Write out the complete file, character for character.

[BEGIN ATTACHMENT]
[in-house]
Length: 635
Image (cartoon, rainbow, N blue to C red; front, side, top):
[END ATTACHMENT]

[in-house]
Length: 635
Image (cartoon, rainbow, N blue to C red; front, side, top):